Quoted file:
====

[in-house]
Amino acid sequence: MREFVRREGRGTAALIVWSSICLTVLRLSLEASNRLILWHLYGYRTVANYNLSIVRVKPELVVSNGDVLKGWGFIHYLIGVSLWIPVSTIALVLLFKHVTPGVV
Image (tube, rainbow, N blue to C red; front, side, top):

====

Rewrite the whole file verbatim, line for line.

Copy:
[in-house]
Amino acid sequence: MREFVRREGRGTAALIVWSSICLTVLRLSLEASNRLILWHLYGYRTVANYNLSIVRVKPELVVSNGDVLKGWGFIHYLIGVSLWIPVSTIALVLLFKHVTPGVV
Image (tube, rainbow, N blue to C red; front, side, top):